13 Solid Propellants 491

13.1. Classification / 491

13.2. Propellant Characteristics / 497

13.3. Hazards / 505

13.4. Propellant Ingredients / 511

13.5. Other Propellant Categories / 522

13.6. Liners, Insulators, and Inhibitors / 525

13.7. Propellant Processing and Manufacture / 528

Problems / 531

References / 534

14 Solid Propellant Combustion and Its Stability 536

14.1. Physical and Chemical Processes / 536

14.2. Ignition Process / 540

14.3. Extinction or Thrust Termination / 541

14.4. Combustion Instability / 543

Problems / 552

References / 553

15 Solid Rocket Motor Components and Design 555

15.1. Rocket Motor Case / 555

15.2. Nozzles / 563

15.3. Igniter Hardware / 577

15.4. Rocket Motor Design Approach / 581

Problems / 589

References / 591

16 Hybrid Propellants Rocket Propulsion 593

16.1. Applications and Propellants / 594

16.2. Interior Hybrid Motor Ballistics / 599

16.3. Performance Analysis and Grain Configuration / 602

16.4. Design Example / 607

16.5. Combustion Instability / 611

Problems / 617

References / 618

17 Electric Propulsion 620

17.1. Ideal Flight Performance / 626

17.2. Electrothermal Thrusters / 631

17.3. Nonthermal Electrical Thrusters / 638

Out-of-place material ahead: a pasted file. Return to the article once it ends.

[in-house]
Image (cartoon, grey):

17.4. Optimum Flight Performance / 654

17.5. Mission Applications / 658

17.6. Electric Space-Power Supplies and Power-Conditioning Systems / 661

Problems / 666

References / 668

18 Thrust Vector Control 671

18.1. TVC Mechanisms with a Single Nozzle / 673

18.2. TVC with Multiple Thrust Chambers or Nozzles / 683

18.3. Testing / 686

18.4. Integration with Vehicle / 687

Problems / 688

References / 688

19 Selection of Rocket Propulsion Systems 690

19.1. Selection Process / 692

19.2. Criteria for Selection / 697

19.3. Interfaces / 699

19.4. Cost Reduction / 700

References / 702

20 Rocket Exhaust Plumes 703

20.1. Plume Appearance and Flow Behavior / 705

20.2. Plume Effects / 717

20.3. Analysis and Mathematical Simulation / 723

Problems / 724

References / 724

21 Rocket Testing 726

21.1. Types of Tests / 726

21.2. Test Facilities and Safeguards / 728

21.3. Instrumentation and Data Management / 735

21.4. Flight Testing / 739

21.5. Postaccident Procedures / 740

References / 741

Appendix 1 Conversion Factors and Constants 743

Conversion Factors (arranged alphabetically) / 743

Constants / 746

Appendix 2 Properties of the Earth’s Standard Atmosphere 747

Appendix 3 Summary of Key equations for Ideal Chemical Rockets 749

Index 751

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Author Information

GEORGE P. SUTTON is an acknowledged expert on rocket propulsion, and the former Executive Director of Engineering at Rocketdyne (now Aerojet Rocketdyne), and Laboratory Associate at Lawrence Livermore National Laboratory.

OSCAR BIBLARZ is a Professor Emeritus in the Department of Mechanical and Aerospace Engineering at the Naval Postgraduate School in Monterey, California.